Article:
Thousands of refugees who have fled violence in the Central African Republic (CAR) to Chad are facing food and shelter shortages, the United Nations refugee agency said Friday, warning that this is the largest influx in four years into the small landlocked country.
"The worry and real risk is that food shortages for the entire population over the next month may have devastating consequences," Babar Baloch, spokesperson for the Office of the UN High Commissioner for Refugees (UNHCR), told the regular press briefing in Geneva, where he said that some $149 million is required to meet the urgent needs.
Late last year, clashes between armed groups Mouvement national pour la libération de la Centrafrique (MNLC) and Révolution et Justice (RJ) in north-west CAR forced more than 70,000 people from their homes.
"Since last December, more than 15 Central Africans refugees have been killed on both sides of the border and at least 67 have suffered sexual and gender based violence while trying to go back to CAR to gather food and their scarce resources in exile," he said.
UNHCR and partners have been providing life-saving relief such as healthcare, water and sanitation, shelter, food and nutrition assistance to newly arrived refugees since the start of the crisis.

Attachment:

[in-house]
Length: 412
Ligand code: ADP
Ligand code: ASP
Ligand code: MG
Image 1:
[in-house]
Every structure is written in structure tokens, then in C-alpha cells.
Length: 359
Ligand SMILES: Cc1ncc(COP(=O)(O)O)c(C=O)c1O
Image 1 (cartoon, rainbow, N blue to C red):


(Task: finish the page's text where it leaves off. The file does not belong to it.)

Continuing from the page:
However, without increased food aid, refugees could face prolonged period of food shortage while overwhelm humanitarian agencies' response ability.
Severe floods have not only affected harvest, but they also posed an urgent need for accommodation.
Therefore, UNHCR is building emergency shelter in the camps and villages that host them, while also working with the authorities, partners and donors on a relocation plan.
"The situation with refugees' health is also critical," said Mr. Baloch, stressing that "malnutrition levels are already high, especially with children."
More mobile clinics are also urgently needed and local health centres must be strengthened to ease the heavy toll taken by respiratory infections, malaria and other diseases.
Southern Chad, including Goré, one of poorest and most underdeveloped parts of the country, is already hosting some 43,000 Central African refugees and 45,000 Chadian returnees from CAR. It is now struggling to cope with an additional influx of 22,180.